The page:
Andre Smith started the last five Opening Days at right tackle, but it looks like Cedric Ogbuehi gets this one.
With the departure of Andre Smith, the conventional wisdom is that Cedric Ogbuehi is the Bengals' new right tackle. At least that what he's thinking after a rookie season he played in the last five games after rehabbing that torn ACL from his last snap for Texas A&M.
"That's what I'm assuming. Not really a surprise," Ogbuehi said Friday from Dallas, where he's working out in the offseason.
The Bengals were extremely impressed with how Ogbuehi did once he came off the physically unable to perform list (PUP) and started practicing and they believe he has the potential to be an elite player for a long time. He played a year of right tackle at A&M before moving to the left side for his last two seasons at College Station and doesn't buy the notion that you need finesse for the left side and power for the right.
"Not in this day and age. You have to be able to do both," Ogbuehi said. "It's great being able to work out and not worry about an injury in the offseason. My body feels better than it has in a long time."
This just doesn't happen around here very much when it comes to starting tackles. Smith started every opener since 2011 and from 1997-2007 Willie Anderson started every opener at right tackle. Stacy Andrews got the nod in 2008 and before Smith secured the job Anthony Collins started the '09 opener and Dennis Roland the '10 game.
Left tackle has been just as solid. Andrew Whitworth has started every opener since '09 and before that Levi Jones started the '03-'06 openers as well as the '08 game after missing the '07 opener before playing the rest of the way that season.
WINSTON RE-ELECTED: Speaking of tackles, this primary season Bengals backup tackle Eric Winston had the easiest of races when he ran unopposed Friday and was elected to another two-year term as president of the NFL Players Association.
"I'm honored that the guys chose me as their leader," Winston texted from the NFLPA meetings in Hawaii when asked what he likes about the job. "Being able to help the guys and make a difference in (their) lives."
A.J. Green (above) and Andy Dalton are running at Ken Anderson and Isaac Curtis.
DALTON-GREEN: Peyton Manning says his 114 touchdown passes to Hall-of-Fame wide receiver Marvin Harrison, the most ever by a duo, is a record that won't be broken. The Bengals' Andy Dalton and A.J. Green have a way to go with 40 after five seasons together. Among active duos at the end of last season, that is the fifth most since wide receivers Marques Colston, Calvin Johnson, Roddy White, and James Jones, and tight end Heath Miller are no longer on their old teams and Johnson and Miller have retired.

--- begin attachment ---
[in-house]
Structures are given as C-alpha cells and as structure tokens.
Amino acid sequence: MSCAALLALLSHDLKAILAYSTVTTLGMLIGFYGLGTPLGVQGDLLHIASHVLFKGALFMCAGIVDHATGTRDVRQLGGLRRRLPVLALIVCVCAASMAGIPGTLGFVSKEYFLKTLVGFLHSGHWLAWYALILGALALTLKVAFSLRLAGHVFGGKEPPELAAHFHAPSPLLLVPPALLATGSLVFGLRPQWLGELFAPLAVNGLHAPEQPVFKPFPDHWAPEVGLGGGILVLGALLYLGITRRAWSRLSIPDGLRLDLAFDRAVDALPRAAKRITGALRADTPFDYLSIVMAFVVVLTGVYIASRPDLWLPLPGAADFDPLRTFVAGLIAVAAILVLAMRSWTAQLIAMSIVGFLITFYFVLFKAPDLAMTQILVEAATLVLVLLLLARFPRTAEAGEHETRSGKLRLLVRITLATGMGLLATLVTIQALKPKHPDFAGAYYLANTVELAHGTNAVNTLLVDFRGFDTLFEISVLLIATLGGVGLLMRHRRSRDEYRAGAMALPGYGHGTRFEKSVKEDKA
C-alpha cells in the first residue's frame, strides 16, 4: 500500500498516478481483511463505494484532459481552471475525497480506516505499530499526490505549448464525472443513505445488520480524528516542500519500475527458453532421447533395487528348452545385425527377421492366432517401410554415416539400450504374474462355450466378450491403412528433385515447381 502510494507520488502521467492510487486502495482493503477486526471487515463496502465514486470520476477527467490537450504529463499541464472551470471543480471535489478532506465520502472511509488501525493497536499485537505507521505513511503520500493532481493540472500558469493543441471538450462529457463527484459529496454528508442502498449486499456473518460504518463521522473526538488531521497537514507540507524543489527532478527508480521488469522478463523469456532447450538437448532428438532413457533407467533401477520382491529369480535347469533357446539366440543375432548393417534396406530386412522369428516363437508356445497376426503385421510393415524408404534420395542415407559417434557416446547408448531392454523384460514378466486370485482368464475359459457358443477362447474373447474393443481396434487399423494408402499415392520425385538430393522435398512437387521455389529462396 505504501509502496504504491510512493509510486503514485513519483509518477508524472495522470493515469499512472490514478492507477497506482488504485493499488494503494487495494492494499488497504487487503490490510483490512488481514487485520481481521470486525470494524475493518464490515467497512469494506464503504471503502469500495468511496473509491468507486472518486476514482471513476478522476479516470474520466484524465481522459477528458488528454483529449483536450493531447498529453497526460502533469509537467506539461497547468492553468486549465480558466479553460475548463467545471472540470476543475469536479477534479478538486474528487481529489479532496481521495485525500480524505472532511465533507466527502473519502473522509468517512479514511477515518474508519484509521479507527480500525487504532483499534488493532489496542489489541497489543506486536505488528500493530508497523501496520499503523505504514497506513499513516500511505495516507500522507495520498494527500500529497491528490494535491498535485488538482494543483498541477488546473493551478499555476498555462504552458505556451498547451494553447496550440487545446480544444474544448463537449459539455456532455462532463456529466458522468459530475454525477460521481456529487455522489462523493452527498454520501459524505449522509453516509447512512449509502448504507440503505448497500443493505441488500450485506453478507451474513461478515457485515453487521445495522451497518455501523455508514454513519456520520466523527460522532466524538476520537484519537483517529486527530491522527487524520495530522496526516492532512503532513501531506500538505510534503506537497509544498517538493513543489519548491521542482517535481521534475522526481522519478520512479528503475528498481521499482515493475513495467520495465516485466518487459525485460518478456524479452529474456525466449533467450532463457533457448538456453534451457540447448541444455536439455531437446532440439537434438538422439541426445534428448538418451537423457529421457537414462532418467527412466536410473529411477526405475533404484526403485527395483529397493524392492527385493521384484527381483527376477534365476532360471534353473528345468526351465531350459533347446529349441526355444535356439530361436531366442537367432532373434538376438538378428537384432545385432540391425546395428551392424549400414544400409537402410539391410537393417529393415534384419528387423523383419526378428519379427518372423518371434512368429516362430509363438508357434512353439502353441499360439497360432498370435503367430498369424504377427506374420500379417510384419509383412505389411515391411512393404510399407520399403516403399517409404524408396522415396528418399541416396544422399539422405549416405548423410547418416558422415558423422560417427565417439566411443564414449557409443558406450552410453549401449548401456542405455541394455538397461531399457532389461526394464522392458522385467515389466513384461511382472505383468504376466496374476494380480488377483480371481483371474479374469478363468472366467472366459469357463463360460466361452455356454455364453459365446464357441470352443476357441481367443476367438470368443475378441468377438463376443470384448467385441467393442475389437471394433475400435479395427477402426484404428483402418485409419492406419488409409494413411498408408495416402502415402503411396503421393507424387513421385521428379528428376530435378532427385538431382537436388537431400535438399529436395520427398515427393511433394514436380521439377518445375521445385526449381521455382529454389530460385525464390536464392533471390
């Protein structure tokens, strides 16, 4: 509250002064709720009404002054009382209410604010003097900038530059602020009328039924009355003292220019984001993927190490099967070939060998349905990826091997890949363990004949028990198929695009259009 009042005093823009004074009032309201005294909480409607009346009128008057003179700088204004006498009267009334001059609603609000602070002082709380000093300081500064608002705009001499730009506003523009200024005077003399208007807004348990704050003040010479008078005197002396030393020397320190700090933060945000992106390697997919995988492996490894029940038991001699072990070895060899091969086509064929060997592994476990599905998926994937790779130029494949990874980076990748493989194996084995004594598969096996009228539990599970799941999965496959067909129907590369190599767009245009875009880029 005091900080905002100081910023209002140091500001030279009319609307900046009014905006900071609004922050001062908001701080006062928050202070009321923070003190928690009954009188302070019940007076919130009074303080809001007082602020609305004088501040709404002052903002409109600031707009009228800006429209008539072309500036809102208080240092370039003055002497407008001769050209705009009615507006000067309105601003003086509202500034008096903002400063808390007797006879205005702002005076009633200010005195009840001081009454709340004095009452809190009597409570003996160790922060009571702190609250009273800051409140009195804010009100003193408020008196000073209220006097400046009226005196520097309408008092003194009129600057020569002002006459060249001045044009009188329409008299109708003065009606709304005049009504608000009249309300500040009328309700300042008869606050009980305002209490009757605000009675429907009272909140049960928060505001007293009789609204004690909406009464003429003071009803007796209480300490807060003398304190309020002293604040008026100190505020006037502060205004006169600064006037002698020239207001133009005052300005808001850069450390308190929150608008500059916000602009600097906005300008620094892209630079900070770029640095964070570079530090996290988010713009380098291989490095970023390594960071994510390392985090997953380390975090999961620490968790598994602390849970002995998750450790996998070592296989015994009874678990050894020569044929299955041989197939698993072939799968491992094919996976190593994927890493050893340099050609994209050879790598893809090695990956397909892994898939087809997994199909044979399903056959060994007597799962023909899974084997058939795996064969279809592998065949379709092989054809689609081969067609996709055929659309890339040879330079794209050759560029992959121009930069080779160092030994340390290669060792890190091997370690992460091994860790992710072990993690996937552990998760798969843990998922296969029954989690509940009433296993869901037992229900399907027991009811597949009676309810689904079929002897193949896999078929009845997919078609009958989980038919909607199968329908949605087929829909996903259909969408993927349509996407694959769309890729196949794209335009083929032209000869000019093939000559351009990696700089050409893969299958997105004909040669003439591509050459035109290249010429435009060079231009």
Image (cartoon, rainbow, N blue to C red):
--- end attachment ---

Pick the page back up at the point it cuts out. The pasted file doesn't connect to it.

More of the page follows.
Courtesy of Elias, here's the list of the active duos:
77 Rivers-Gates, San Diego
72 Brees-Colston, New Orleans
64 Brady-Gronkowski, New England
56 Stafford-Johnson, Detroit
52 Ryan-White, Atlanta
50 Romo-Bryant, Dallas
45 Rodgers-Nelson, Green Bay
41 Rodgers-Jones, Green Bay
41 Roethlisberger-Miller, Pittsburgh
40 Dalton-Green, Cincinnati
With 12 more connections Dalton-Green becomes the most prolific duo in Bengals history passing Ken Anderson and Isaac Curtis. The 44 of Carson Palmer-Chad Johnson is next on their list to pass.
MODEST PROPOSALS: Bengals president Mike Brown and the rest of ownership, as well as head coach Marvin Lewis, travel this weekend to Boca Raton, Fla., for the NFL's annual meeting. The owners are staring at a number of rule changes that they can vote yeah or nay on that were either proposed by the NFL Competition Committee or other teams.
Here are the three most significant proposals: make all chop blocks illegal, move touchbacks from the 20 the 25-yard line, and eject a player penalized twice in one game for certain types of unsportsmanlike conduct fouls, such as throwing a punch, or a forearm, or kicking at an opponent, even though no contact is made, using abusive, threatening, or insulting language or gestures to opponents, teammates, officials, or representatives of the League, or baiting or taunting acts or words that engender ill will between teams.
Those three were proposed by the competition committee, of which Bengals head coach Marvin Lewis is a member. One, proposed by the Ravens, would affect the Bengals' multiple use of offense linemen. The rule proposes lineman who are eligible receivers to wear a vest.
The Bills proposed to allow coaches to challenge all decisions made by an official besides scores and turnovers.